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Shot in the arm for counties as Uhuru flags off vaccines

HEALTH & SCIENCEBy GRAHAM KAJILWA AND PETERSON GITHAIGA | 1 month ago
By GRAHAM KAJILWA AND PETERSON GITHAIGA | 1 month ago

 

President Uhuru Kenyatta with health workers when he flagged off a consignment of Covid-19 vaccines at the National Vaccines Depot in Kitengela on March 4, 2021. [Boniface Okendo and Elvis Ogina, Standard]

 

The trend around the world has been for leaders to be vaccinated in public to prove the safety of the Covid-19 vaccine and inspire confidence in their citizens who harbour doubts. President Uhuru Kenyatta, however, will not be immediately following suit.

While flagging off trucks transporting hundreds of thousands of doses of the vaccine to the counties yesterday, President Kenyatta said there is a policy that guides how the vaccines will be distributed, and that it will be up to health experts to tell if that is the way to go.

“These are the people who will tell us. As I have told you, we have a policy. You (media) will be the same ... if you see me being vaccinated, you will say the big shots are being inoculated.

“If the experts tell us this is the way, then we will follow. If the professionals tell us this is what we need to do and lead by example, we will abide by that,” Uhuru said.

Healthcare workers, security personnel, teachers, persons aged above 50, and those with underlying conditions are among those who have been prioritised for the vaccine. At 58 years, the President falls in this group.

On Monday, Ghana’s President Nana Akufo-Addo, 76, became the first president in the continent to be vaccinated.

President Kenyatta warned that the arrival of the vaccines should not be a license for life to go back to normal.

“We still have to wear masks, wash hands, and social distance because the disease is still with us,” he said. “I know we are tired because this pandemic has inconvenienced our livelihoods, but while we can recover this, we cannot get back lost lives.”

The first vaccine will be administered today at the Kenyatta National Hospital.

The 1.02 million doses of the Oxford/AstraZeneca vaccine arrived in the country on Tuesday night. Uhuru said more doses are expected either at the end of this month or April. “We will continue receiving more until we have enough.”

Storage Depots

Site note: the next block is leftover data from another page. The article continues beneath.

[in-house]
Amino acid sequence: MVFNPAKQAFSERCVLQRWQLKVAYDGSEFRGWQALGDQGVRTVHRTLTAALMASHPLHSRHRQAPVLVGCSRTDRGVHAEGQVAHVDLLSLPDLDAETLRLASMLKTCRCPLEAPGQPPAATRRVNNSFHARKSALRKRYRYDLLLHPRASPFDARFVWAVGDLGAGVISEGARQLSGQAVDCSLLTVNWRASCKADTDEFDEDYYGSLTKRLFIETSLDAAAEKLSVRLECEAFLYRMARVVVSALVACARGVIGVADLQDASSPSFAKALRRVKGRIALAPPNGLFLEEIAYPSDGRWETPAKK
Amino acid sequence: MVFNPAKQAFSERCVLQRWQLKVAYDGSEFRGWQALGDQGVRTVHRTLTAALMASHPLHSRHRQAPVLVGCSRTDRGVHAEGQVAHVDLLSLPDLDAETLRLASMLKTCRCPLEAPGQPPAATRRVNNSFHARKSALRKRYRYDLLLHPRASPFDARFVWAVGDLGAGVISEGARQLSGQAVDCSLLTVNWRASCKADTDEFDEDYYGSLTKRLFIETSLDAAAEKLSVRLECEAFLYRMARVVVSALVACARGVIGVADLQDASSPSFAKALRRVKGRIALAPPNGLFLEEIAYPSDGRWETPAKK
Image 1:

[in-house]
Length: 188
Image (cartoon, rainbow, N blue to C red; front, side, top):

So far, nearly half a million doses have been distributed to regional storage depots, including Level Six hospitals.

 

Vaccines being loaded into a track during the Covid-19 vaccine distribution flag off at Kitengela Central Vaccine deport on March 4, 2021. [Boniface Okendo, Standard]

Apart from the Oxford/AstraZeneca vaccine, which Kenya has been allocated 4.1 million doses under the COVAX Facility, the country is also seeking access to vaccines made by Johnson & Johnson and Moderna.

COVAX was launched in April last year by the World Health Organisation as part of efforts to ensure that poor nations have access to Covid-19 vaccines once they become available.

The Oxford/AstraZeneca vaccine has been attractive to low- and middle-income countries because it does not require special refrigeration facilities, with storage at between two and eight degrees Celsius. It is also relatively cheap at between Sh440 and Sh880 a dose.

The vaccine developers signed an agreement to have Serum Institute of India manufacture doses specifically for these countries as a way of cutting down on costs.

Health Cabinet Secretary Mutahi Kagwe said the country’s depots can also store the Moderna vaccine that requires temperatures of minus 20 degrees Celsius.

The only exception, he added, is the Pfizer/BioNTech vaccine that requires temperatures of minus 70 degrees Celsius.

Kagwe also disputed claims that the country bought the vaccines at a higher price compared to other nations.

“What we have has not been bought; not a single shilling has been spent,” he said.

The National Vaccines Depot in Kitengela, Kajiado County, is the largest in the country with the capacity to store more than 130,000 litres of different vaccines, for example, polio and measles.

The depot was established in 2013 by the national government in collaboration with the Japanese Government.

Kagwe said the facility stores the vaccines before they are distributed to Kakamega (Western), Meru (Eastern), Garissa (North Eastern), Nyeri (Central), Nakuru and Eldoret (Rift Valley), Kisumu (Nyanza) and Mombasa (Coast).

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